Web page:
Archives For Creative Confidence

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Does changing how you make things change the way you live?

The answer is “yes,” according to Made in the Future, an experimental project I collaborated on with some colleagues at IDEO Boston. The Made in the Future website recently launched and it explores how today’s innovations in maker technology might affect designers and society at large five to ten years from now.

To get inspired about what making something by hand means to people, we constructed toy airplanes with kids, cooked alongside chefs, built motorbikes with weekend gear heads, and hung out with gifted researchers at the MIT Media Lab. We looked at cutting-edge innovations in designing, manufacturing and distributing, and asked: where’s it all heading next? It was all incredibly inspiring and we learned a lot.

On the website, we break down what we learned into five themes, each illustrated with provocative product concepts. For example, a device called MatterTone addresses the desire for meaningful customization by creating 3-D recordings of ephemeral conversations.Master’s Archive, a combination camera/laser projector, enables augmented reality woodworking education in real time and speaks to the possibilities of tech-enabled learning and mastery. These are only a few of the types of tools we might create, how those things will change the way we act and learn, and how these technologies will ultimately shape our future.

Many of the advances in manufacturing and communication we enjoy today—not to mention a number of careers like “designer” and “engineer”—trace their roots back to the Industrial Revolution and early 20-century. Some of these seismic shifts took hundreds of years to play out. Imagine what will happen if, in the blink of a decade, mass manufacturing and mass media become massively personalized, variable, and collaborative?

If my predictions are accurate, creative skills will be in ever-greater demand even though access to tools will be significantly democratized, and creative confidence will be a necessary mindset for doing business. It also means we’ll longer be slavishly consuming goods, but collaborating with the most sophisticated, large-scale manufacturers to create the exact things we need when and where we need them.

If all this sounds worrisome, take heart, there’s one thing I know won’t change. Yesterday, today, or tomorrow: the act of making makes us human.

How will you participate in the maker society of tomorrow?

(Posted also on my LinkedIn Thought Leader blog)

If You Build It…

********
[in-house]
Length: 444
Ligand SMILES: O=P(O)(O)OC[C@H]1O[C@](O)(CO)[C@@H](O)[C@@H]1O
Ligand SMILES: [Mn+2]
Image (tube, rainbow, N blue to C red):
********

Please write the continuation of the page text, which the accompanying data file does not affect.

March 7, 2014 — Leave a comment

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Blocks. Legos. Forts. Kids are natural builders. But most schools don’t offer such hands-on learning. They offer sitting at a desk and listening quietly. That’s a shame, because there’s no better way to learn than by doing. Designer-activist Emily Pilloton gets this idea in a big way.

The founder of Project H, Emily’s dedicated her life to improving K-12 education in America through rigorous training in design thinking, vocational skills, and applied arts and sciences. (The “H” stands for the values at the core of her work: “hearts, hands, and hammers.”) Recently, Emily spoke to me about the two inspirational programs she’s running at Realm Charter School in Berkeley, CA: Camp H and Studio H. Camp H teaches young girls ages 9-12 hands-on design, woodworking, fabrication, and welding skills, while Studio H is a design and build class for 8- to 11-grade students that Emily originally co-founded with Matthew Miller in Bertie, NC. Where literalists see band saws and blow torches, visionaries like Emily and Matthew see these tools’ potential to strengthen kids’ math, design, and visual and abstract thinking skills—and boost their creative confidence.

But don’t just take my word for it. The best way to appreciate Studio H’s potential to transform young minds is to watch the recently released documentary, “If You Build It,” by Patrick Creadon, Christine O’Malley, and Neil Baer. This wonderful movie follows 13 Studio H students in Bertie, NC. Tasked with designing and building a farmers market for their community, “If You Build It” demonstrates how design can give meaning to our lives and shows just how difficult making meaningful change can be. Thankfully—spoiler alert!—their sheer optimism and determination surmounts bureaucratic obstructions and construction challenges.

I left the movie more convinced than ever that a thinking-with-your-hands approach to education provides students with the critical tools they need to build solid futures.

What other education experiments inspire you?

Photo courtesy of “If You Build It.”

(Posted also on my LinkedIn Thought Leader blog)

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drawing is worth a thousand words. That’s my version of the age-old adage. When it comes to expressing the functional and emotional merits of a new idea, I firmly believe you have to make it visual.